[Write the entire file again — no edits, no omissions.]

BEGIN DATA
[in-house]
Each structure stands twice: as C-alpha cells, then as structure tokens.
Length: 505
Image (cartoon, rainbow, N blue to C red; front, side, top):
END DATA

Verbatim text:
[in-house]
Each structure stands twice: as C-alpha cells, then as structure tokens.
Length: 505
Image (cartoon, rainbow, N blue to C red; front, side, top):